I don’t know anything about how tensor.ones is implemented (source code). My guess would be that it is similar to lazy evaluation/generator. PyTorch will not allocate memory and fill it with 1’s until the tensor is actually needed for operation on the hardware. This way, PyTorch doesn’t waste precious resources (there tends to be lots of data to be processed in ML/data science) with data that is not needed immediately.

@tiramisuNcustard I tried the same thing with torch.rand() instead of torch.ones() - though I had to use dtype = torch.float32 in that case - and basically observed the same behavior. Do you think PyTorch will still not fill the tensor up with random numbers before we do some operations on it?

Also, any way we can explicitly test your hypothesis? For example by doing operations on the tensor that force PyTorch to write the tensor onto the hardware, but that are not memory-intensive?

@Imahn, I would create two 1 GB random tensors. Check the memory allocation. Then multiply the two tensors and store it in a variable. Then check the memory allocation again. If there is a difference in the two memory allocation checks then I would be satisfied with my answer. The reason I am suggesting 1GB is because, again, I don’t know how PyTorch implements these functions (will they allocate memory if the size is not too large - let’s say for example < 200 MB?).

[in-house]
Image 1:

@tiramisuNcustard Sorry for late reply. I tested the following code (x and y should roughly occupy 1 GB of memory):

import torch
import tracemalloc
tracemalloc.start()
x = torch.rand(256, 1024, 1024)
y = torch.rand(256, 1024, 1024)
current, peak = tracemalloc.get_traced_memory()
out = x * y
current_mult, peak_mult = tracemalloc.get_traced_memory()
print(f'Current/peak before multiplication [GB]: {current / 1024**3:.2f}, '
f'peak before multiplication: {peak / 1024**3:.2f} [GB]'
f'\nCurrent/peak after multiplication [GB]: {current_mult}, {peak_mult}'
f'\nTensor dtype: {x.dtype}, output shape: {out.shape}')

The output is:

Current/peak before multiplication [GB]: 0.00, 0.00
Current/peak after multiplication [GB]: 192.00, 192.00
Tensor dtype: torch.float32, output shape: torch.Size([256, 1024, 1024])

Tbh, I’m now totally puzzled about why the memory consumption is so huge after the multiplication (192 GB)? I would have expected 2 GB for x and y, and maybe a few GB for the multiplication, but O(100) GB for a multiplication sounds like a lot too me?

@Imahn, Your first print statement is the following Current/peak before multiplication [GB]: {current / 1024**3:.2f}, if we copy it over to the print statement after the multiplication i.e. Current/peak after multiplication [GB]: {current_mult / 1024**3:.2f} what do we get?

Maybe, the missing / 1024**3:.2f is causing the trouble?

What does out.element_size() * out.nelement() give you? Can you use it before current_mult, peak_mult = tracemalloc.get_traced_memory() and see what it shows?